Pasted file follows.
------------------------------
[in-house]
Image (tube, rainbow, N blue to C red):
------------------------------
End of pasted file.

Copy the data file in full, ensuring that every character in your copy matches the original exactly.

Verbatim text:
[in-house]
Image (tube, rainbow, N blue to C red):